First Trial Compares Treatment Options For Serious Infections Caused by ESBL-Producers Interview with:

Patrick Harris FRACP Staff Specialist Microbiology | Pathology Queensland | Health Support Queensland Postdoctoral Research Fellow University of Queensland, UQ Centre for Clinical Research (Paterson Group)

Dr. Harris

Patrick Harris FRACP
Staff Specialist
Microbiology | Pathology Queensland | Health Support Queensland
Postdoctoral Research Fellow
University of Queensland, UQ Centre for Clinical Research (Paterson Group What is the background for this study?

Response: Increasingly, common bacterial pathogens such as E. coli or Klebsiella have acquired genes known as extended-spectrum beta-lactamases (ESBLs), which mediate resistance to many of our most important antibiotics. Despite their clinical importance, we have limited information derived from randomised clinical trials on the best antibiotic treatments for life-threatening infections caused by these ESBL-producers.

We aimed to compare two readily available antibiotics, meropenem (a carbapenem drug, as the “standard of care”) and piperacillin-tazobactam (which may be an alternative to meropenem). Many ESBL-producing bacteria test susceptible to piperacillin-tazobactam in the laboratory, yet clinical efficacy has been uncertain.  Some observational studies have suggested that piperacillin-tazobactam may be effective against ESBL-producers, but the data have been contradictory.  The theory has been that piperacillin-tazobactam may be less likely to select for resistance to carbapenems – which, when it occurs, can result in infection with bacteria that are almost untreatable. What are the main findings?

Response: The MERINO study was an international randomised trial which aimed to test the hypothesis that piperacillin-tazobactam was “non-inferior” to meropenem (i.e. at least as effective) in patients with bloodstream infections caused by ESBL-producing bacteria.  Typically such infections are associated with a mortality in excess of 10%, require hospitalisation for intravenous antibiotics and may lead to admission to an intensive care unit.  The study protocol was developed by the Australasian Society for Infectious Disease (ASID) Clinical Research Network, and aimed to align as closely as possible with routine clinical care. We enrolled patients in 9 countries (Australia, New Zealand, Singapore, Italy, Turkey, Saudi Arabia, Lebanon, Canada and South Africa) from 2014 to 2017. The primary outcome measure was mortality at 30 days, with secondary outcomes measures of clinical and microbiological resolution, risk of microbiological relapse or subsequent detection of multi-resistant gram-negative organism or Clostridium difficile.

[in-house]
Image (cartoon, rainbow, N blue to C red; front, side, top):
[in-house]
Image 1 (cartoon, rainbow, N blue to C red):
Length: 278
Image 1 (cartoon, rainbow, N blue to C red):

In the primary analysis, a total of 23/187 (12.3%) patients randomized to piperacillin-tazobactam died, compared with 7/191 (3.7%) randomized to meropenem.  This marked difference in the risk of mortality was in excess of the pre-specified non-inferiorty margin. There were also no significant differences in subsequent detection of multi-resistant organisms between treatment arms. What should readers take away from your report?

Response: This is the first large randomized trial to compare treatment options for serious infection caused by ESBL-producers. The study findings did not support the use of piperacillin-tazobactam for these infections.  This highlights the need for great caution in selecting the appropriate treatment for these difficult-to-treat organisms, especially in patients with a high risk of mortality. What recommendations do you have for future research as a result of this work?

Response: This demonstrates the importance of such pragmatic trials in assessing the true efficacy of treatment strategies against drug-resistant infections.  We are aiming to determine exactly why we saw these results by understanding the role of different resistance genes using whole genome sequencing and testing how the organisms respond to antibiotics in the laboratory. We also believe that new antibiotics with activity against multi-drug resistant bacteria should be subject to such pragmatic clinical trials, in order to select optimal treatment for these patients based on robust evidence. Is there anything else you would like to add?

Response: We would like to thank all the many clinical researchers around the world who participated in this study, as well as our funders who included the Australian Society for Antimicrobials (ASA), the International Society for Chemotherapy (ISC) and the National University Hospital Singapore.

I have no conflicts to disclose. 


Harris PNA, Tambyah PA, Lye DC, et al. Effect of Piperacillin-Tazobactam vs Meropenem on 30-Day Mortality for Patients With E coli or Klebsiella pneumoniae Bloodstream Infection and Ceftriaxone ResistanceA Randomized Clinical TrialJAMA. 2018;320(10):984–994. doi:10.1001/jama.2018.12163


Sep 12, 2018 @ 3:50 pm




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